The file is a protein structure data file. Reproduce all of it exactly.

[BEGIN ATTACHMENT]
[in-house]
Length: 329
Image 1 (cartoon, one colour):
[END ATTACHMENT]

[in-house]
Length: 329
Image 1 (cartoon, one colour):